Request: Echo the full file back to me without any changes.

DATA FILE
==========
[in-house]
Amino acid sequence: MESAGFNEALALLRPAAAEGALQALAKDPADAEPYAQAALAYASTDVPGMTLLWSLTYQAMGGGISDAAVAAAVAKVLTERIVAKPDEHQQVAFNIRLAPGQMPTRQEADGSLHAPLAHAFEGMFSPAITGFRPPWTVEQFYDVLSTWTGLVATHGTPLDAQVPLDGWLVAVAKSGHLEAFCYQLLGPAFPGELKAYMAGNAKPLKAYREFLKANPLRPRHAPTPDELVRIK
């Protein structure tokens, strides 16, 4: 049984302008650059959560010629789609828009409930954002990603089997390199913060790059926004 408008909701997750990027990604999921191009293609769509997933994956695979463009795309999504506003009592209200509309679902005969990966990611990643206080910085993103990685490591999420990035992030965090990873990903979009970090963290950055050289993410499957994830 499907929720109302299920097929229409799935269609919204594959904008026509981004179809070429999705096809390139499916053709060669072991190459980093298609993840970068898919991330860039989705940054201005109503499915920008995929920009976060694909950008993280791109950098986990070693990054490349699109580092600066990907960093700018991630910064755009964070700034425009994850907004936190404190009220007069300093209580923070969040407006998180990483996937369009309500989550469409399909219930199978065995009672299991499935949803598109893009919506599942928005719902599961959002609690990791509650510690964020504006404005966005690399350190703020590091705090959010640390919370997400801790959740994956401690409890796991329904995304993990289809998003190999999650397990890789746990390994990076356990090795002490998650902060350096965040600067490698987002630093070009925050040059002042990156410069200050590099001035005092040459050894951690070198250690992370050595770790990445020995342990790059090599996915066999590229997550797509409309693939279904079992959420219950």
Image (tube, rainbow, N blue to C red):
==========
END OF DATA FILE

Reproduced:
[in-house]
Amino acid sequence: MESAGFNEALALLRPAAAEGALQALAKDPADAEPYAQAALAYASTDVPGMTLLWSLTYQAMGGGISDAAVAAAVAKVLTERIVAKPDEHQQVAFNIRLAPGQMPTRQEADGSLHAPLAHAFEGMFSPAITGFRPPWTVEQFYDVLSTWTGLVATHGTPLDAQVPLDGWLVAVAKSGHLEAFCYQLLGPAFPGELKAYMAGNAKPLKAYREFLKANPLRPRHAPTPDELVRIK
């Protein structure tokens, strides 16, 4: 049984302008650059959560010629789609828009409930954002990603089997390199913060790059926004 408008909701997750990027990604999921191009293609769509997933994956695979463009795309999504506003009592209200509309679902005969990966990611990643206080910085993103990685490591999420990035992030965090990873990903979009970090963290950055050289993410499957994830 499907929720109302299920097929229409799935269609919204594959904008026509981004179809070429999705096809390139499916053709060669072991190459980093298609993840970068898919991330860039989705940054201005109503499915920008995929920009976060694909950008993280791109950098986990070693990054490349699109580092600066990907960093700018991630910064755009964070700034425009994850907004936190404190009220007069300093209580923070969040407006998180990483996937369009309500989550469409399909219930199978065995009672299991499935949803598109893009919506599942928005719902599961959002609690990791509650510690964020504006404005966005690399350190703020590091705090959010640390919370997400801790959740994956401690409890796991329904995304993990289809998003190999999650397990890789746990390994990076356990090795002490998650902060350096965040600067490698987002630093070009925050040059002042990156410069200050590099001035005092040459050894951690070198250690992370050595770790990445020995342990790059090599996915066999590229997550797509409309693939279904079992959420219950």
Image (tube, rainbow, N blue to C red):